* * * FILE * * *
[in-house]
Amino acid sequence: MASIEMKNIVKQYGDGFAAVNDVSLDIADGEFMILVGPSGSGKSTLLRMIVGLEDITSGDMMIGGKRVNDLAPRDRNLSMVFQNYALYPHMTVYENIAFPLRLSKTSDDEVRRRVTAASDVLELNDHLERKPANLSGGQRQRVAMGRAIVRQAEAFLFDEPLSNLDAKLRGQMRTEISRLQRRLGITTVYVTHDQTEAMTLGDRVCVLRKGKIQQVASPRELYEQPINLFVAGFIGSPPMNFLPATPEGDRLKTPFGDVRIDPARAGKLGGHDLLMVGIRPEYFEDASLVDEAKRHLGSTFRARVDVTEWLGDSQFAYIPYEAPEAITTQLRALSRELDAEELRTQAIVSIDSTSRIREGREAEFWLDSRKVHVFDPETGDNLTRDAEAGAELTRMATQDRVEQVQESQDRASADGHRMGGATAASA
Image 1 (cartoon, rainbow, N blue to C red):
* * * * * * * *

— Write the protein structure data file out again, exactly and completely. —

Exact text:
[in-house]
Amino acid sequence: MASIEMKNIVKQYGDGFAAVNDVSLDIADGEFMILVGPSGSGKSTLLRMIVGLEDITSGDMMIGGKRVNDLAPRDRNLSMVFQNYALYPHMTVYENIAFPLRLSKTSDDEVRRRVTAASDVLELNDHLERKPANLSGGQRQRVAMGRAIVRQAEAFLFDEPLSNLDAKLRGQMRTEISRLQRRLGITTVYVTHDQTEAMTLGDRVCVLRKGKIQQVASPRELYEQPINLFVAGFIGSPPMNFLPATPEGDRLKTPFGDVRIDPARAGKLGGHDLLMVGIRPEYFEDASLVDEAKRHLGSTFRARVDVTEWLGDSQFAYIPYEAPEAITTQLRALSRELDAEELRTQAIVSIDSTSRIREGREAEFWLDSRKVHVFDPETGDNLTRDAEAGAELTRMATQDRVEQVQESQDRASADGHRMGGATAASA
Image 1 (cartoon, rainbow, N blue to C red):